I've always hankered to just sit at the bar in real backwoods America,so I wandered into Tony's and took my place amongst the lumberjack shirts and baseball caps.No one batted an eyelid at my accent,and talk went on about work,Obama and the horrendous price of gas (£2.50 a gallon!). There's wild tales of a guy's first car,a Camaro, and it's engine still alive,now installed in a cherry-picker of all things. I chip in with my story of performing a van engine swap, at night, with only a cigarette lighter for illumination to align the clutch.The international language of grease monkeys: my drinks are promptly paid for and am invited across the street to the Tow Bar Inn whereupon I'm introduced to countless people,every drink is bought for me,offers of lifts back to the motel come and go 'til in the end I'm bouncing down the road at 2 am in a pick-up with open pipes,rock music blaring & drinking beer. Yep, Americans are pretty friendly..Second night out ,I'd popped into Greco's for one drink at 4 pm,come one am I'm back in the Tow Bar with a group of guys/girls I met from ONEIDA and made plenty more local friends too. Good job Amy, Greco's vodka- lovin' bar manager, taught me a hangover cure (PediaLyte/Dioralyte in UK). The folk are like the area, wild & wonderful :-)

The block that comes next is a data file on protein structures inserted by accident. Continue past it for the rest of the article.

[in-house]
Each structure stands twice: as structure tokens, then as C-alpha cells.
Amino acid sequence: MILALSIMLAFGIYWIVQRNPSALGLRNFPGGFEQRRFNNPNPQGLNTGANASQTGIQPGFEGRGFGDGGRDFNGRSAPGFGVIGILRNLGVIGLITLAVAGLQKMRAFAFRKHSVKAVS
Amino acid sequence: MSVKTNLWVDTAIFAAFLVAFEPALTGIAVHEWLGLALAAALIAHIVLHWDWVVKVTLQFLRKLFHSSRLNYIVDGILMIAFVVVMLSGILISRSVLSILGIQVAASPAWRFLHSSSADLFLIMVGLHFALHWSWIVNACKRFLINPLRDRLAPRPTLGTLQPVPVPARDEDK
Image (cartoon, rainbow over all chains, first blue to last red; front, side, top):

Wednesday, 2 May 2012

Champlain Breakfast

From MONTREAL, Canada to SCHENECTADY, USA is 200 miles. Lake Champlain is 125 miles long and so most of my Amtrak train journey is spent hugging it's shoreline.Never has 6 hours looking out of a window been so interesting! The train's mournful whistle,the clapboard houses, the isolated farms: an American dream held for 30 years now fulfilled. Upon arrival & 2 hr stopover in Schenectady NY, despite the snow,my first Stateside beer is called for and within minutes I'm engaged in great conversation with a top lad called Mark complete with phone photos of his KX125. Taken off to another bar to discuss the merits of side-valve engines,vintage tractor pulls,the local girls.. and all too soon I'm off to UTICA.